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Solar Thermal Collectors Have Larger Capacity than Wind Power

Although concentred solar power (CSP) generation is probably better known, solar thermal (ST) collectors employ a much lower level of technology and convert far more of the sun’s energy into useful heat, according to a new market analysis.

The report “Solar Thermal Power Report” by ReportBuyer describes solar thermal energy technology in its various applications, describing the various technologies: collectors, receivers, heat storage systems and energy conversion units.

CSP uses lenses and mirrors to directly tranfers solar energy into electricity via conventional steam and heat turbines or by focusing light onto photovoltaics. The Ivanpah project being developed by BrightSource in California is a high-profile example.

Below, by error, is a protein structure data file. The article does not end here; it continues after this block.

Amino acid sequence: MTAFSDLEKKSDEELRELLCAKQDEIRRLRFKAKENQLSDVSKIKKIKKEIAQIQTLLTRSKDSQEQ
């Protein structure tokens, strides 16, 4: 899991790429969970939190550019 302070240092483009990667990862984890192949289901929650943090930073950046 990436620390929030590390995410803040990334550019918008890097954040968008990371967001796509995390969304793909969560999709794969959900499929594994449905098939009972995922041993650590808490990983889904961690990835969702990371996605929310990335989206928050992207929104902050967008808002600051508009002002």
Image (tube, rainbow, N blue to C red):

Solar thermal (ST) collectors–used for water heating and building heating (or cooling through solar chillers)–have more capacity and produce more energy than wind power and more than geothermal, solar PV and ocean energy combined. By 2009 there were 147,000 megawatts (MW) of wind power, 174,000 MW of solar thermal collectors. By comparison there was only about 1,000 MW of CSP and about 17,000 MW of solar PV capacity.

The last two or three years have seen strides forward in all solar technologies and many 50 to 100 MW CSP power generation projects are being developed, with larger ones in the pipeline. The major solar thermal markets–China, USA, Turkey, Germany and Japan are outlined in the new report. It also states that Israel is important for per capita use but relatively small in total. Between them, they have 75% of the global market for solar thermal collectors and ancillary equipment.

The growing CSP markets of Spain and the United States are also outlined, with lists of projects already competed, under construction and planned.